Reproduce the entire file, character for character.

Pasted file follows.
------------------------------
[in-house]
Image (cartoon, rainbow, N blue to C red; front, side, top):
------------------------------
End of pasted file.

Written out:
[in-house]
Image (cartoon, rainbow, N blue to C red; front, side, top):